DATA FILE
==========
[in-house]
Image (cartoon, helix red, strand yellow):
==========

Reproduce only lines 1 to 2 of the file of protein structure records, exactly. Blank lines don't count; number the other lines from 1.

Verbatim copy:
[in-house]
Image (cartoon, helix red, strand yellow):